The collapse on July 23, of the Sekmai River Lift Irrigation (RLI) Scheme dam built on the Imphal River under the sponsorship of NEC at the cost of Rs. 4.22 crores, should simply be the limit of public tolerance of corruption. That this disaster should have come when the state is literally in an inferno over an issue that many see as an existential crisis Manipur is faced with, has brought out the nature of rot in the system and the shameless unconcern of the power elite like nothing else could have. There had been complaints from people in the Sekmai area about the atrocious and dangerous compromises in the built quality of the dam but no serious heed was paid until cracks began to be noticed around June and the matter came up for discussions in the Assembly during the tumultuous monsoon session where the chief minister Okram Ibobi had clarified that the completed project had still not been totally handed over to the government, so it was the concerned contractor who should be made answerable. He did say that the matter was being inquired into by the state`™s vigilance department.
This is a very lame excuse at best. By Manipur standards, this is not a small project, therefore it is unlikely the entire project money was released immediately after the project was awarded to the contractor. Instead funds would have been released in steps, after crosschecking the quality as well as progress of the construction work. The fault therefore, cannot under any circumstance be of the contractor or contractors alone. Those who awarded the work; those who were supposed to monitor and clear the project at every stage; as well as the contractors who actually executed the work would all have been party to this organised robbery. This obviously is also not an isolated incident, but part of the state`™s modern culture of corruption whereby an elaborate nexus of contractor-technocrat-bureaucrat-politician siphons off public money into their individual pockets in standardised percentages. The rising number of government employees with accumulated wealth far beyond their known sources of incomes, is evidence of this rot within the system. People only laugh at petty VDF personnel on the streets extorting petty changes from auto rickshaws, but generally are unconcerned about the bigger, more brazen and more organised thefts happening at practically every level of the government. The higher the hierarchy of these nexuses, the bigger also would be the booties at stake. Since the Sekmai dam could not even withstand the onslaught of a single monsoon torrent of a river that can hardly be said to be mighty, it is anybody guess what percentage of the Rs. 4.22 crore would have been spent in the actual construction of the dam.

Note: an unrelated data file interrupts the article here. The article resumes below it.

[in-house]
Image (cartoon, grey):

The question of the threat of demographic marginalisation of the original population of the state is nothing to trifle, but the bigger threat to the survival of any people is a corrupt leadership who place their personal benefits and welfares ahead of public good. Plenty of scholarships available today on histories of societies which survived the worst odds and those which perished when faced with adversities that could have been survived, all point to this. Anthropologist Jared Diamond`™s celebrated 2005 book: `Collapse: How Societies Choose to Fail or Succeed` is just one of these. Manipur at this moment seems to resemble some of the worst case scenarios Diamond sketches. The alarming thing is, nobody reprimands corruption today. Anybody who is rich, even when there is a big question mark on his or her known legitimate sources of income, is envied and respected. The new culture is such that given the opportunity, even those outside the corruption nexus, would willingly be partners in the same crimes that they pretend to revile while not belonging to the nexus. Money, even if it is corruption money, enjoys a social sanctity today. This is the tragedy.
It is rather late in the day, but the government must at least make the effort to absolve itself of the crime of corruption. So far it could at least hide its head in the sand, claiming these are mere allegation from its opponents, but not anymore. The Sekmai dam collapse, and yes the submergence of a newly built school building at Chadong, have made this sordid affair openly visible to anyone. Let there be impartial inquiries into these atrocious affairs and all found guilty awarded exemplary punishments as per law. But the matter must not be allowed to end here. A civil society initiated social reformation movement against corruption is also called for. A general censure, rather than respect, of people who get wealthy by dubious means, can be a good start.
Leader Writer: Pradip Phanjoubam